Late February, and the parking lot is jammed with cars and RVs, some from as far away as Saskatchewan.

It's time for the annual Satellite Spring Grand American at the Tucson Trap & Skeet Club.

Before the weeklong event is over, more than 1,000 participants from all over the United States, Canada and Mexico will have aimed their shotguns at clay targets flying through the air. Repeatedly.

"We threw 903,000 targets during the event," club Treasurer Michael Braegelmann says. "It's our biggest event." But far from the only one.

Besides hosting other events throughout the year, the club has been designated by USA Shooting - the national governing body for Olympic shooting sports - as a regional Olympic training center and will host the World Cup in 2012.

"Every country that will be in the Olympics will be here in Tucson," says club President Lee Bachman.

Billed as one of the largest facilities in the country, the club, located on 80 acres at 7800 W. Old Ajo Highway, boasts 14 skeet fields, 25 trap fields, two five-stand sporting clay fields, a 5,000-square-foot clubhouse with a restaurant and 200 RV hookups.

Yet most Tucsonans, including yours truly - at least until recently - are unaware of its existence.

"We're the best-kept secret in Tucson," says Tom Moore, a member since 1961. The club began in 1948 on 40 donated acres at the southwest corner of East 22nd Street and South Pantano Road.

According to a history written by Moore, the only other facility in town back then was a soon-to-be-demolished two-trap layout at Randolph Park, next to the golf course.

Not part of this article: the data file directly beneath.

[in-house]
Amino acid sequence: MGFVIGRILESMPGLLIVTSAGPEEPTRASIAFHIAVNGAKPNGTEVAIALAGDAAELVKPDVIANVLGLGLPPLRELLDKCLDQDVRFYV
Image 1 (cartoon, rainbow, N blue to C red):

Tucson Trap and Skeet's first clubhouse came from two barracks hauled to the site from Davis-Monthan Air Force Base and joined together. The shooting line had nine trap fields and two skeet fields.

Members paid $50 for a lifetime membership. Affiliated with the Amateur Trapshooting Association, the club lured so many to its "big shoots" that it was soon negotiating with a nearby sand and gravel plant to build four trap fields there. The fields were used only during big events.

In time, however, encroaching housing made the club's location untenable.

In 1973, Glenn Harrison, treasurer of the club, made a successful bid of just over $40,000 to the Bureau of Land Management for 80 acres on Old Ajo Highway.

Jim Pfersdorf, who also joined the club in the early '60s, remembers his first glance at the new property.

"I was pulling weeds at the club, and Glenn Harrison said, 'Let's go for a ride,' " remembers Pfersdorf. "I thought we were going to Ajo. He said, 'This is the site of the new gun club.' "

By early 1976, the club had become a reality. And nope, plunking it down on the opposite end of town didn't dint membership one bit, says Pfersdorf.

More than 900 now belong to the club, about evenly divided between life and annual memberships. Life memberships now cost $400; annuals goes for $75.

Nonmembers pay $7 a round for 25 targets. The club also rents out guns and ear and eye protection for those who "just want to come out and see what it's about," says Braegelmann.

Five days into the club's biggest annual event, the ground is littered with empty shotgun shells - but only temporarily. "The club picks them up at the end of the day and offers them to our members for reloading," says Braegelmann.

Meanwhile, the pulverized clay targets are ground up and mixed with the soil to control the dust, says Braegelmann. "And we drag the fields and mine the lead pellets every three years, for recycling."

The club also offers a gun-safety and shooting program for kids ages 9 through 18, with about 70 participants. All are taught by trained, certified and licensed volunteers.

Taz Gloria, 15, a freshman at Mountain View High School, is in his sixth year of shooting here at the club and is a winner of numerous sub-junior state events. "My grandfather got me out here," says Gloria, shouting to be heard over the blasts of 12-gauge shotguns.

Says Bachman, the club president: "This is how you come up the ranks."